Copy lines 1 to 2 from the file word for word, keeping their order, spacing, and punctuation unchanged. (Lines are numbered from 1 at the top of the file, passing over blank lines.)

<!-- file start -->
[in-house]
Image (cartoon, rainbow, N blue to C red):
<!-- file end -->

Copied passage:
[in-house]
Image (cartoon, rainbow, N blue to C red):